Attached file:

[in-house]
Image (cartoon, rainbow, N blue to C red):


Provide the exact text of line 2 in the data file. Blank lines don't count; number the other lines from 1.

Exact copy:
Image (cartoon, rainbow, N blue to C red):